What’s In Store For 2010
No matter how optimistic you are, there’s no denying that 2009 was a challenging year. As construction slammed to a near-halt, systems contractors were forced to become increasingly creative—and strategic.
That’s not to say that all firms are down on their luck. A number of companies have reported if not record, then reasonable, growth, and the outlook is positive for the coming year. While Merry S. McCleary, president and CEO of AVYVE in Norcross, GA, expects 2010 to remain just as challenging as the last 12 months, she also noted that some of her best years in the audiovisual industry have been when the broader economy is doing poorly.
Though in a tough economy, rare are the projects involving new construction or major renovations. “The type of project changes. Today, any way that you can connect teams and clients anywhere across the country and worldwide, in order for them to work more efficiently with less travel, is in demand.”
So, too, is the need for solving how companies deal with information. The amount of content created and captured on an everyday basis is driving an increased demand for storage and distribution, McCleary noted, as presenters both in the corporate and education markets record collaborative sessions, training classes, and lectures for circulation on demand. “Now when you receive a specific amount of content, the question becomes how do you manage it and stream it?” she illustrated. “This is going to be big, both in higher education and in corporations over the next couple of years.”
Per Forsberg, president, Audio Architects in Chippewa Falls, WI, relays that the design/build portion of his company’s project base—driven mainly by word-of-mouth—was stronger than the bid market in 2009, although the opportunities for bid jobs did exist. “The university system here had a lot of projects this year, but the competition was bordering on ridiculous,” he said. “We really didn’t see much of that business simply because we weren’t willing to go as low as some of these other companies were going.”
The one area of the bid market in which Audio Architects excelled was the local K-12 schools, which involved smaller intercom and master clock systems, technologies that, he said, larger enterprises don’t always handle.
Forsberg admitted that much of his company’s relative success this year has to do with geography. In his area of Wisconsin, many organizations are just beginning to install video systems, which has generated business over the past year. “The idea of having video involved in so many of the installations is relatively new here, be it flat screens or projectors,” he said. “We are seeing that as a driving force as opposed to people saying, ‘We need a new sound system, what about video,’ they’re saying, ‘We really want video, and while we’re at it, we had better upgrade the sound system.’ Even the smaller, rural churches are installing video.”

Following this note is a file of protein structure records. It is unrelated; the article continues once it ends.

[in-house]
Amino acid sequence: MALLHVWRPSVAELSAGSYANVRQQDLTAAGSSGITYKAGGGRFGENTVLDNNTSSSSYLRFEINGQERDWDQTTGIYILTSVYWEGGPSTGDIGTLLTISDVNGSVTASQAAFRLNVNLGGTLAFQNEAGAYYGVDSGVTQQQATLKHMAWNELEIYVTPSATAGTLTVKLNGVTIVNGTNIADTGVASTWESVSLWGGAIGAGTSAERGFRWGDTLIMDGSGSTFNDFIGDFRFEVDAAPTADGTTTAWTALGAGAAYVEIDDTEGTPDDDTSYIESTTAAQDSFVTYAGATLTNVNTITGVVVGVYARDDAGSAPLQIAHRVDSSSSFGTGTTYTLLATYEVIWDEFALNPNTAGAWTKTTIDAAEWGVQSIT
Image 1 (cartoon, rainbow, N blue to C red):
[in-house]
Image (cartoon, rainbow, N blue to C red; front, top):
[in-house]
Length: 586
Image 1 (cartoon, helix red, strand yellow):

While 2009 proved challenging worldwide, the impact of the banking crisis was not as severe north of the border, noted Brock McGinnis, sales manager at Westbury National Show Systems in Toronto, Ontario, Canada. “The recession hit Canada later and much more softly than it did the U.S.,” he said. As a result, Westbury hit its target 20-percent growth rate, and McGinnis said that the company has enough business on the books for 2010 to hit that same target again. Another factor that has contributed to Westbury’s success is that the firm doesn’t deal with a lot of large-enterprise, Fortune 1000 organizations— those that experienced the most significant cutbacks. “We are very diversified, are in a number of different vertical markets, and have a wide range of customer and facility types that we deal with. As a result, we didn’t have massive cancellations.”
Ben Bausher, systems group consultant at JaffeHolden in Norwalk, CT, observed that one of the challenges his firm has faced is that clients are calling much later in the game. “They are getting us on board with very little time before the final tender package comes out, so we need to play catch-up with the rest of the team,” he said. “In many cases, we need to issue addendums, or do a lot of post-bid design in shop drawings, which isn’t necessarily the greatest way of doing it.” Until budgets start to loosen, he predicted that this will remain a relatively common trend for the next little while.
Like McCleary, Bausher also believes that the education market looks promising in 2010, although instead of installing large-scale showcase systems, facilities will focus on the integration of more modest technologies, or the updating of existing systems. “We are seeing a lot of really good systems for doing classrooms well and cheaply—a lot of these have come out in the last year,” he said. This, in large part, is gaining momentum as an increasing number of schools begin to adopt high-definition video.
As businesses everywhere gear up for another challenging year, systems contractors should continue to position themselves as a means of assisting clients in handling affairs efficiently, productively, and profitably.
“Hopefully, companies have been selling themselves as a valuable partner to clients so that they are a part of the strategic planning, whether it’s downsizing, upsizing, or changing the way that they meet and communicate,” McCleary said. “If you are a valuable partner that can bring value to these conversations, business should stay strong.”